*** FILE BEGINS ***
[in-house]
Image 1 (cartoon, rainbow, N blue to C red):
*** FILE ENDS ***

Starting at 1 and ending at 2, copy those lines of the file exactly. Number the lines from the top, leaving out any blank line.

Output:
[in-house]
Image 1 (cartoon, rainbow, N blue to C red):